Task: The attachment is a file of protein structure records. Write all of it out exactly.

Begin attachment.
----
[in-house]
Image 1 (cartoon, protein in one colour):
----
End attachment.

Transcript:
[in-house]
Image 1 (cartoon, protein in one colour):